Bipolar Disorder: Grieving the Loss of the Manic Highs

bipolar, bipolar disorder, mania, manic, next to normal

"I don't want to feel numbed out. I don't feel like me when I'm on meds."

Bipolar disorder is a mood disorder with really low lows (depression), and really high highs (mania).  People with bipolar want to get rid of the lows, but the highs can actually feel pretty good.  A lot of people with bipolar are extremely creative and highly productive during their manic periods.  A number of artists and high level executives use their manic periods to drive their careers. Is it any surprise, then, that some people with bipolar don't want to take medication for fear of loosing their creativity or productivity?

In the award winning musical Next to Normal, bipolar wife and mother Diana sings about her grief over loosing her mania:

There was a time when I flew higher
Was a time when the wild girl running free would be me...

But I miss the mountains.
I miss the dizzy heights.
All the magic, manic days,
And the dark depressing nights
— Diana, Next to Normal

Diana compares her manic episodes to the thrill of running across mountains and soaring above it all. I hear that same thing echoed by my clients who have stabilized their mood swings through medications and therapy. There's a profound grief that can come after the manic highs are reduced or gone.  You can even loose your ability to outperform everybody else at work, as you become just a regular human again without the super-speed lent to you by mania.  It's like a friend has died, or a part of you is missing. You feel like a different person and you aren't at all sure that you like it.

It's clear why people who are in the depressive phase would want treatment, but why would anyone want to give up mania?

Well, there's a downside to mania and it's a pretty big one. During a manic episode you are impulsive and your actions are extreme. That means some pretty extreme consequences can follow. Here are some real life examples of manic behaviors:

  • During a meeting at work a man mouthed off to the CEO saying he could do better and making jokes at the CEO's expense. He was fired.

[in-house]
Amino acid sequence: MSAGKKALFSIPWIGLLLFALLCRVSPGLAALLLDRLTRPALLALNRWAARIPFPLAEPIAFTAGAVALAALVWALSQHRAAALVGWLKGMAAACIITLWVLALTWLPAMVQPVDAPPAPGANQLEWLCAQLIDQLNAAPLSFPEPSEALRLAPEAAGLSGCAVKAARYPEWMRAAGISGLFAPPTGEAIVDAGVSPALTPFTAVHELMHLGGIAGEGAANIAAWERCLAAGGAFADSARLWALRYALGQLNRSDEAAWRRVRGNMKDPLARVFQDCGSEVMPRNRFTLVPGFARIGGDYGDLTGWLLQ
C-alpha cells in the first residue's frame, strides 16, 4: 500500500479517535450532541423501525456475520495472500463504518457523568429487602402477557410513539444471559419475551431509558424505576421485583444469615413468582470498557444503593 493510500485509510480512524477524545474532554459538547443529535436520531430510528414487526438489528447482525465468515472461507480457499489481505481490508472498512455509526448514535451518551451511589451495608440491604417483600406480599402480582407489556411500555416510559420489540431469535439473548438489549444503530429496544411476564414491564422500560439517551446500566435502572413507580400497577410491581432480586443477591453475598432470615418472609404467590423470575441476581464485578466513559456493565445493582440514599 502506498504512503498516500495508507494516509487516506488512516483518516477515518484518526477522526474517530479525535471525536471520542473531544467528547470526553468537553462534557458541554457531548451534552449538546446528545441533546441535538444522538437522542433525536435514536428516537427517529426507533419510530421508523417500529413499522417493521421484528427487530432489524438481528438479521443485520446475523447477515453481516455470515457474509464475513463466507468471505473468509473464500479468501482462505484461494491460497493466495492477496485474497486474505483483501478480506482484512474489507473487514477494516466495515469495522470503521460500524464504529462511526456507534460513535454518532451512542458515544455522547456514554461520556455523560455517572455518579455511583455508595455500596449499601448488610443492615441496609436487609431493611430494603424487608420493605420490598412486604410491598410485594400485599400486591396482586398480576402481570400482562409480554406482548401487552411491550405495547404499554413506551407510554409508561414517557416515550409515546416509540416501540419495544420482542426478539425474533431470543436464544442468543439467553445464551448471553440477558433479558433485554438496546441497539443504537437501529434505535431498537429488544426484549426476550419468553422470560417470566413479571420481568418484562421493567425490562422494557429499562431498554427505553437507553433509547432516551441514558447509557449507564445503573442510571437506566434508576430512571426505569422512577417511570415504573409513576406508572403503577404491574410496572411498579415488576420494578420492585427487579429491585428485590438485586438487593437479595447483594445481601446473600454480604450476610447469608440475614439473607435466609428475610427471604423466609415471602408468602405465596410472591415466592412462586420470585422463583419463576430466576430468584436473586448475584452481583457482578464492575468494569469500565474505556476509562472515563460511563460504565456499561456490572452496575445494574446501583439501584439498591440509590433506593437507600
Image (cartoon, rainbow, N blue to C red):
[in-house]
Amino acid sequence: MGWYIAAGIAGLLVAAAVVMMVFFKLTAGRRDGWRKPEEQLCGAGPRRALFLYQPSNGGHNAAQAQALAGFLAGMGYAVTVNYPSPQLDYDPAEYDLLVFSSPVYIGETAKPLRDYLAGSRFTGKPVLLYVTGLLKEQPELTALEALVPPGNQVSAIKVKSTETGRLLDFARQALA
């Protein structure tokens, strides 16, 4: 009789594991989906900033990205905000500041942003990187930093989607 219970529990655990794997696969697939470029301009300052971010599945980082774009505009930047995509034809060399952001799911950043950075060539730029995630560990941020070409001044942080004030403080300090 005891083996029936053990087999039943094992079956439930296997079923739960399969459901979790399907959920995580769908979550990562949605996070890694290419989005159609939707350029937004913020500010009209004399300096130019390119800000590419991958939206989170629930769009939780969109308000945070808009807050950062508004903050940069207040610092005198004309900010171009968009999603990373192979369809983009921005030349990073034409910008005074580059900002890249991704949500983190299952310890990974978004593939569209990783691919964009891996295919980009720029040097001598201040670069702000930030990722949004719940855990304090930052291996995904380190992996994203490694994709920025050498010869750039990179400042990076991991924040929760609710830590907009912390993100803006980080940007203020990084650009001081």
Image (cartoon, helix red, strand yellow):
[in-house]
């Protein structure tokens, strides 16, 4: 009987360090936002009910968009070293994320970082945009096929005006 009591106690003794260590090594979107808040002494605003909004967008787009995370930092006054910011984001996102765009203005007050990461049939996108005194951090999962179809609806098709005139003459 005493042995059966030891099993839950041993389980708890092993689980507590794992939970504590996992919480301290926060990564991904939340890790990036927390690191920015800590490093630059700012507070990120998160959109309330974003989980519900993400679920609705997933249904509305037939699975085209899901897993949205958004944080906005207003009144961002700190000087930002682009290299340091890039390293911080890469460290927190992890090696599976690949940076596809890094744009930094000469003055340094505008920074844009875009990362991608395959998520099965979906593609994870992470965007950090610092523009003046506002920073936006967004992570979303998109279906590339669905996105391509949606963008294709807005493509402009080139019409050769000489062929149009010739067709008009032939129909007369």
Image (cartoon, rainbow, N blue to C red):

• A woman took her car into a dealer to get the oil changed.  While waiting she bought a sports car that she couldn't afford.  
  • A woman went on a business trip out of the country. She met a man in a park and went with him to his home in the middle of nowhere for a one night stand. She was lucky and didn't get hurt, diseased, abducted or worse. 
  • A man went to a wedding with his wife. He proceeded to take pictures of guests' breasts during the reception. They were later shunned by their former friends.
  • Following a breakup, a woman took a massive dose of sleeping medication. She was manic and impulsive, not depressed at the time. Luckily she survived.

To be clear, just because someone acts impulsively or irrationally, like in the examples above, doesn't mean they are bipolar. However, people who have bipolar and are in a manic episode experience these kinds of things as a rule rather than as an exception. 25-50% of people with bipolar attempt suicide at least once. People usually correlate suicide with depression, but the extreme impulsivity that occurs during a manic episode can lead to a suicide attempt. More people succeed at suicide while in a manic episode than in a depression.

Stabilizing bipolar mood swings is an art form. It takes time, trial and error and a good psychiatrist to find the right balance.  Research has shown that the manic and depressive episodes that happen during the course of bipolar disorder are progressive. That means that each episode becomes more difficult to stabilize. If you take a medication and it works, then go off it and have an episode, you can't just start back up on the same medication and have the same effect.  If you miss the highs and are thinking about stopping your meds, please consider this thoroughly and work closely with your doctor to make informed decisions.

So what's the good news?

Bipolar disorder is a highly treatable disease and treatment is effective in 80% of cases. The best course of treatment includes medication along with psychotherapy. Medication is highly recommended for bipolar, but it's not the only way to stabilize moods. There are CBT and DBT techniques that a psychotherapist can teach you that will help along with the medication. For more discussion on non-medication approaches to bipolar see my blog post 5 Ways to Manage Bipolar with Lifestyle Changes

For more information about bipolar disorder, feel free to contact me.

Online Resources for Bipolar Disorder:

National Institute of Mental Health

Depression and Bipolar Support Alliance (DBSA)

BP Hope online magazine

PsychCentral articles